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Nuts and Bolts

Fixed Universal Life Insurance and Guaranteed Universal Life Insurance

In the late 1970’s, bank savings rates (CDs) were well into the double digits, which made the relatively lower cash value growth rates offered by whole life companies appear inferior to what the client could get elsewhere.  What happened as a result was that consumers were either cashing out their whole life policies to redeploy the cash value with the banks, or consumers were “buying term and investing the difference”.  This process is called “disintermediation”.  The traditional intermediaries of insurance companies were being excluded as consumers sought the higher interest rates (from the banks) of the time.

The insurance carriers’ answer to the “disintermediation” problem was Universal Life Insurance. The first Universal Life Insurance policy was released in 1979 by EF Hutton.  This policy was a “Fixed UL Policy” where consumers could get growth on their cash value based off the rates that the carriers can declare every year.  It was not uncommon to see illustrations at 12% in the early 1980s because of the interest rate environment. 

These new fixed/current assumption UL policies not only offered higher interest rates based off the current environment (current assumption), they also had no premium mandates, which was very unique to the more senior Whole Life design.  The Universal Life Insurance design was such – and still is – that if you had enough cash value to support the monthly policy charges, than no premium is required.  Considering the interest rate assumptions at the time, many agents sold these policies as the client having to pay very little premium for a few years than the higher “projected rates” would support the policy from that point on.  The phrase used was “vanishing premium”.

After many policies failed as interest rates dropped and after the resulting lawsuits, carriers came out with “Guaranteed Universal Life” which provided (and still do) GUARANTEED DEATH BENEFITS.  The guaranteed death benefits, also known as “no-lapse benefits” give the consumer a guarantee that as long as he/she pays the premium, the death benefit will remain in force.  These GUL products are great solutions for consumers looking for PERMANENT but CHEAP death benefit coverage.  We also refer to GUL as “Perm Term”.   

What makes a “GUL” a “GUL” is the presence of a no-lapse guarantee as well as – in most cases – almost no cash value.

What is GUL?

What is a No – Lapse Provision

When and Why Universal Life Was Created

GUL:  What is the Ideal Client?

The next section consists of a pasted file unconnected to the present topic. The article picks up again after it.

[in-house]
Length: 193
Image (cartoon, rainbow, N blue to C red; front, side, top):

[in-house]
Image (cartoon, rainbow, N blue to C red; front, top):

What is Fixed UL/Current Assumption?

Sales Ideas

Ben Feldman would say that life insurance allows an owner of a policy to pay pennies for a death benefit that is equal to dollars.

Term for Older Ages and 20% Returns (Effectively)

Stop the Fluff

What is “Pension Max”?

GUL:  Not Just “Death Insurance”

GUL Versus Term Example:  Client Video

Explaining Term Versus Perm

GUL and Estate Planning

Estate Taxes and Life Insurance

Living Benefit Riders:  Living Benefits are a hot topic!  Life Insurance, Not Death Insurance!

GUL:  Not Just “Death Insurance”

Living Benefit Riders:  The Discounted Death Benefit Design

3 Different Types of Chronic Illness Riders

Technical & Actuarial:

What is “Target Premium”?

What is “Target Premium”?

What Impacts Target Premium?

Benefits of MVAs, Limited WDs, etc.

Case Design:  GUL versus Whole Life, GIUL, etc.

The “Internal Rate of Return” printouts that many companies have in their illustrations is a great tool to demonstrate the tax-free death benefit leverage of Life Insurance, especially GUL.

Comparisons:  GUL Versus Whole Life Versus GIUL

Consider GIUL!

How do you find the most attractive “perm-term”??  Technology!

Illustrating GUL in Ipipeline

Internal Rates of Return:  You can use this spreadsheet to determine IRR on DBD

Life Insurance Taxation:  Education on various tax topics.  Know your taxes!!!

 

With Cash Value Life Insurance you are paying taxes on the seed, but not the harvest...

Post Section 7702 Change Illustrations

What is a MEC?

Changes To Section 7702

Estate Taxes and Life Insurance

Consumer Video:  Taxes and Life Insurance

Tax Risk if a Policy Lapses

Are Cash Dividends Taxable?

Article:  Changes To Section 7702:  Cramming More Money Into Life Insurance

Whitepaper:  Biden's Tax Plan

2021 Contribution and Income Limits

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